Trade 1, from Michael Grange: VanVleet and Anunoby to Sacramento for Murray, Harrison Barnes, Mitchell, and a future first-round pick
Grange says: The Kings are determined (desperate!?) to make the playoffs and could use a defensive presence like Anunoby (because everyone can) and the kind of point guard depth and playoff experience and general Fred stuff that Fred provides. The Raptors get a promising high lottery pick in on a rookie deal in Murray, Mitchell on a rookie deal and Barnes’ bird rights as well as a pick. It is essential that whatever move the Raptors make they end up with more positive assets (players/picks) than they send out.
I say: It’s a pretty spicy return, and you’d almost certainly be able to find another home for Barnes in a subsequent deal for more assets (or take back, say, Holmes as filler, and get more out of the Kings). This deal would almost definitely mean exploring a Pascal Siakam trade in the summer, because it’s a firm timeline shift.
Trade 2, from JD Bunkis: VanVleet and Trent to Los Angeles Lakers for Russell Westbrook, a 2027 first-round pick (LAL), and a 2029 first-round pick (LAL)
Full disclosure here: JD sent me some version of this trade months ago and brought it up regularly throughout the year. Then other media started to kick it around. And now that Kyrie Irving is a member of the Mavericks, maybe the Lakers become desperate enough to leave those picks fully unprotected.
Other multi-core, two-team trades
Anunoby and Trent to the Grizzlies for Jaren Jackson Jr., Danny Green, and two second-round picks
VanVleet, Trent, and two first-round picks to the Thunder for Shai Gilgeous-Alexander
VanVleet and Anunoby to the Cavaliers for Darius Garland and Isaac Okoro
You’re not getting the DPOY/All-Star from the Grizzlies in just about any scenario. … Probably ditto for Gilgeous-Alexander, as the Thunder already have infinite picks and seem primed to compete as soon as next season, so long as they keep Gilgeous-Alexander. … There are a handful of Raps-Cavs deals that could conceivably improve the teams and would see both fanbases completely melt down. Here for the chaos, if not the framework.
I excluded some of the more elaborate three- and four-team trades because of the size of this column and the infinite possibilities you could create. (Plus, most of them were either very bad or already covered, from a discussion standpoint, with our deals to this point.)
Trade Group 5: Nuclear
Let’s get weird.
Trade 1, from JD Bunkis: Siakam to the Thunder, Dort to the Jazz, Talen Horton-Tucker, Chet Holmgren, Darius Bazley, Ochai Agbaji, a 2023 first-round pick (OKC), a 2024 first-round pick (LAC via OKC), and a 2025 first-round pick (MIN via UTA)
Bunkis’ logic here is that the Thunder and Jazz are both closer to being good than maybe they expected at this point, and they’re equipped with more picks than they could ever really use. The Raptors, meanwhile, get a few of those picks and a blue-chip flier in Holmgren to completely hit the eject button on this core, subsequently dealing VanVleet and perhaps more. The Thunder would almost definitely protect their 2023 pick in any scenario, at least with top-two protection.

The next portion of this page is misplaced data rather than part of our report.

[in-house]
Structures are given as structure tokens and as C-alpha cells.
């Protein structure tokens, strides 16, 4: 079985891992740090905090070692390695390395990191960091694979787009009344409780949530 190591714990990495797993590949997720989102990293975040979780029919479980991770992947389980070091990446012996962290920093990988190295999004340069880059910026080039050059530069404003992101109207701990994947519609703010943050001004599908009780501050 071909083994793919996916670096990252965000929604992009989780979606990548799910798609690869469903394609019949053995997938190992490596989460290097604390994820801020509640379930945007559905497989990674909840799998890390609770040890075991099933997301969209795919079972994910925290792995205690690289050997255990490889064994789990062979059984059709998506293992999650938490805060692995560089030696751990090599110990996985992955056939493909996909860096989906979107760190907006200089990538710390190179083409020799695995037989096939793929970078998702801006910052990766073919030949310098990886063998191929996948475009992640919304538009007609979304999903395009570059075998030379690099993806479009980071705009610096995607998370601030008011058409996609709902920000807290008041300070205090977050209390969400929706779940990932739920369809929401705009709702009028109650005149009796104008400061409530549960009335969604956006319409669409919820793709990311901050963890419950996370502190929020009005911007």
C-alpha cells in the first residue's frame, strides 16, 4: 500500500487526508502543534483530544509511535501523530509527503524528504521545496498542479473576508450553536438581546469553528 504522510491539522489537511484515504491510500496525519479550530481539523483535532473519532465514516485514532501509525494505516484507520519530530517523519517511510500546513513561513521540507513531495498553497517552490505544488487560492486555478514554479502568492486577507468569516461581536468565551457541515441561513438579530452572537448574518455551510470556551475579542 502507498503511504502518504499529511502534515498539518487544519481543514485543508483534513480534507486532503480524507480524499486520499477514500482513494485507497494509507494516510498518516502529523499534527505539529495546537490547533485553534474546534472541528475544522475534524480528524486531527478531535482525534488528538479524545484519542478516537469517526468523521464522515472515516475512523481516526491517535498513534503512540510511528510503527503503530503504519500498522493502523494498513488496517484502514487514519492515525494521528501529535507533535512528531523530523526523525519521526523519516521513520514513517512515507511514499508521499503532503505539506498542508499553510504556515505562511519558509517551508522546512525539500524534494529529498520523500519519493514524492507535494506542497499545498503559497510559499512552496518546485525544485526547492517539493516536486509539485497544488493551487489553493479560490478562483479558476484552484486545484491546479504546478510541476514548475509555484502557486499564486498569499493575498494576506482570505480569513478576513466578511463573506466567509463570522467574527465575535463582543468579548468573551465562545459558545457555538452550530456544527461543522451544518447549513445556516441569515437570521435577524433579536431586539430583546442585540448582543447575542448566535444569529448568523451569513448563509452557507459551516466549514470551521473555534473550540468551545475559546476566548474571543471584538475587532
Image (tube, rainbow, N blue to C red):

We also had a submission that basically blew up the team and draft assets for Kyle Kuzma, Monte Morris and Daniel Gafford, or Clint Capela and Bogdan Bogdanovic, or Malik Beasley, Jordan Clarkson and Kelly Olynyk, or Poeltl, Doug McDermott and Josh Richardson, and so on. To which I ask…why? Pick a lane. If you’re sending out core pieces, why are you sending out future assets, too? And if you are buying — it’s probably too late, but let’s give them a break — surely you can sell the farm for better cows than these?
There were some other interesting challenge-trade types, like a VanVleet-Trent-picks package for Trae Young, or Siakam for a handful of Grizzlies or 76ers pieces. Let’s save those franchise-altering deals for the offseason.
Trade Group 6: The others
Boucher and Young to the Knicks for Fournier and two first-round picks
Boucher and Birch to the Heat for Duncan Robinson, Nikola Jovic, and a 2026 second-round pick
Boucher to the Heat for Robinson
Boucher to the Wizards for Johnny Davis and Gafford
Boucher and a pick to the Bulls for Coby White and Andre Drummond
Boucher to the Bulls for White and Drummond
Boucher, Banton, and two second-round picks to the Clippers for Mann and Kennard
Nick Nurse to the Timberwolves for Chris Finch and a second-round pick
Good to know everyone else has as little an idea of what Boucher’s value would be in trade as I do. You can see here that the suggestions are all over the place, from attaching picks to him for bad players to getting picks back. I do generally like the idea of using your mid-tier salaries to take on bad money if it gets you real assets back, since you’re likely to be an above-cap team anyway. I can also fix Johnny Davis. I can. I don’t think anything here clicks for me.
Some lower-end targets I’d find somewhat interesting in smaller deals or as ancillary pieces in larger deals: Jalen Johnson (ATL), P.J. Washington (CHA, RFA), Khalifa Diop (CLE, draft rights), Josh Green (DAL), Zeke Nnaji (DEN), Hamidou Diallo (DET, UFA), Patrick Baldwin Jr. (GS), Josh Christopher (HOU), Amir Coffey (LAC), Max Christie (LAL), Wenyen Gabriel (LAL, UFA), Xavier Tillman (MEM, TO), Ziaire Williams (MEM), Santi Aldama (MEM), Satnam Singh (MEM, draft rights), MarJon Beauchamp (MIL), Hugo Besson (MIL, draft rights), Josh Minott (MIN), Jaylen Nowell (MIN, UFA), Isaiah Hartenstein (NY), Tre Mann (OKC), Chuma Okeke (ORL), Jaden Springer (PHI), Trendon Watford (POR), Richaun Holmes (SAC), Davion Mitchell (SAC), KZ Okpala (SAC, TO), Nickeil Alexander-Walker (UTA, RFA), Udoka Azubuike (UTA, UFA), Daniel Gafford (WAS)